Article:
May 062014
 

Jemisin shows astounding worldbuilding at creating a society kind-of but not really based on ancient Egypt. This is a fantasy of political machinations and a magic that is woven in with religion, spirituality, and day-to-day life. Jemisin’s warrior-capable priests are charged with ending the lives of the ill or corrupt by weaving them an everlasting pleasant dream, then draining their ‘dreamblood’ for use in healing. The reader is plunged deep into the world at the start, and it takes a few chapters to work out what’s going on, but it’s a lovely, interesting journey – despite for occasional pages of italics.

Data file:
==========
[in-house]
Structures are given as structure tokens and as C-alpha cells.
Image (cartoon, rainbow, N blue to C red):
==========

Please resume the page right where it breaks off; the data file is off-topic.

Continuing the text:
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Sep 252013
 

 

Something of an exercise in frustration: On the first hand, Jemisin has created a stunning world with its own creation myth that’s uncovered, layer by layer, over the course of the story… but we hardly see any of it. It’s meant to show an out-of-touch ruling glass, but doesn’t really work. Our heroine Yeine is plucked up by her god-emperor grandfather and used as a political tool in a world where the pure order reigns. Gods, godlings, plenty of hot god-on-human action and nasty politics struggle for clarity through an experiment in narrative structure which muddies this strong first effort.

 

Get it here (UK) or here (US)